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Topic of the week for discussion: 23rd to 29th April 2012

Topic : Why is India afraid of economic reforms?

We are going through a difficult year. You would see a rush of important reforms and after 2015, India would be one of the fastest growing economies of the world. The new government, if in a majority, would start with the reforms in a big way because there is a sense that it needs to pick up. This was Kaushik Basu, Prime Minister Manmohan Singhs chief economic advisor, speaking at the Carnegie Endowment meet in Washington. The precondition is that there has to be a majority government without which the reforms process would be difficult to take forward. Is it possible given the fragmented nature of our polity? India is deep into the era of coalition politics. A single party getting a comfortable majority is no more a realistic possibility, what with the presence of national parties shrinking across the country. Each coalition will be under pressure from its constituents to play safe and populist.

Topic Introduction

The fundamental requirement for the reforms process to go forward is a broad political consensus on the nature and direction of the reforms. Without an agreement on these among a majority of players in the political spectrum, theres little hope. Even a party with absolute majority will be apprehensive of going full steam with new ideas if there is absolutely no support from others. It is politically suicidal. The problem with the reforms process is its advantages are not visible quickly. It appears to help some section accumulate wealth, leaving the rest with the crumbs. It creates aggrieved sections faster than it creates sections which reap the benefits. Moreover, the distribution of the wealth generated through the process looks to be inequitable and unfair. It is easy for rival politicians to cash in on the perceived imbalances in the society from market-friendly economic initiatives. The accent on grievance politics in recent times is a reflection of the state of affairs. There were two important lessons for the political class from the elections of 2004 and 2009. In 2004, the BJP played the reform card too hard with its India Shining campaign, which fell flat on its face. In the 2009 elections, the Congress put reforms on the back burner and played the aam admi card and was successful in getting a repeat mandate. The message from both was curt: reforms dont sell. Applause from corporates, foreign investors and rating agencies make little sense if these dont get the votes.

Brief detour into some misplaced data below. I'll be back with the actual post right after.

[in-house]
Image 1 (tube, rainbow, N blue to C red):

The Congress-led UPA in its second term has all but dumped reforms. And it does not appear apologetic about it. Other parties, including the BJP, are not too serious about it either, though they routinely blame the government for kicking economic innovation under the carpet. The regional parties the Trinamool Congress is a shining example have turned hyper populist and would have nothing to do with reforms. For all parties, it makes political sense to stand dissociated from these. Economic reform has come to assume a negative connotation among a larger section of people including intellectuals in the country. It now stands as an idea inimical to the interest of the common masses. Theres a clear sense of distrust towards it. It was apparent in the protest from the political parties against FDI in retail bill moved by the government in Parliament and in the opposition to several proposed legislations, including the pension bill. The political parties are responsible for the situation. They have created a climate of panic over reforms, and now find themselves trapped. Any party supporting reforms aggressively will be digging its political grave. Thus, whether it be 2014 or 2019 or 2024, no party would wholeheartedly go against status quo. But this needs to change. There should be minimum consensus on reforms and deliberate de-linking of it from politics.

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